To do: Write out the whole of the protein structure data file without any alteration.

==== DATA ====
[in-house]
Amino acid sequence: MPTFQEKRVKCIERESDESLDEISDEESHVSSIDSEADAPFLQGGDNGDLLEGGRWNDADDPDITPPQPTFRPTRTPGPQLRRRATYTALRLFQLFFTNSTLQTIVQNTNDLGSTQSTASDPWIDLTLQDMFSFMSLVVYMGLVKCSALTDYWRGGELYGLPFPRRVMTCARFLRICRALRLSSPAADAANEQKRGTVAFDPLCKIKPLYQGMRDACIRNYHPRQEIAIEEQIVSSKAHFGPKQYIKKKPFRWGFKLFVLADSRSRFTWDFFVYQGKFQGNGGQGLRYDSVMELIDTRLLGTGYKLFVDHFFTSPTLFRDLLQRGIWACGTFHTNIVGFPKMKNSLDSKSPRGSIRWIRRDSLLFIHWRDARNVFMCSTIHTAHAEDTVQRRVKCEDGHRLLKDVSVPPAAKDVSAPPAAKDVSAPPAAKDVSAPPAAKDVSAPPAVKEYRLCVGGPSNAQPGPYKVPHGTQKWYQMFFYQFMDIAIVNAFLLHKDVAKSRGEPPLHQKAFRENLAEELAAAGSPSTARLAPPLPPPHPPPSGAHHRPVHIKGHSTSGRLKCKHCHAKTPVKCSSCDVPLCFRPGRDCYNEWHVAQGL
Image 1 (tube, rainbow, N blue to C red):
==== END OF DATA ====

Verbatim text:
[in-house]
Amino acid sequence: MPTFQEKRVKCIERESDESLDEISDEESHVSSIDSEADAPFLQGGDNGDLLEGGRWNDADDPDITPPQPTFRPTRTPGPQLRRRATYTALRLFQLFFTNSTLQTIVQNTNDLGSTQSTASDPWIDLTLQDMFSFMSLVVYMGLVKCSALTDYWRGGELYGLPFPRRVMTCARFLRICRALRLSSPAADAANEQKRGTVAFDPLCKIKPLYQGMRDACIRNYHPRQEIAIEEQIVSSKAHFGPKQYIKKKPFRWGFKLFVLADSRSRFTWDFFVYQGKFQGNGGQGLRYDSVMELIDTRLLGTGYKLFVDHFFTSPTLFRDLLQRGIWACGTFHTNIVGFPKMKNSLDSKSPRGSIRWIRRDSLLFIHWRDARNVFMCSTIHTAHAEDTVQRRVKCEDGHRLLKDVSVPPAAKDVSAPPAAKDVSAPPAAKDVSAPPAAKDVSAPPAVKEYRLCVGGPSNAQPGPYKVPHGTQKWYQMFFYQFMDIAIVNAFLLHKDVAKSRGEPPLHQKAFRENLAEELAAAGSPSTARLAPPLPPPHPPPSGAHHRPVHIKGHSTSGRLKCKHCHAKTPVKCSSCDVPLCFRPGRDCYNEWHVAQGL
Image 1 (tube, rainbow, N blue to C red):